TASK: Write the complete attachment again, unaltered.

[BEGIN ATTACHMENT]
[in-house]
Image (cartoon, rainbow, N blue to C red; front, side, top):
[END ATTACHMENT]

[in-house]
Image (cartoon, rainbow, N blue to C red; front, side, top):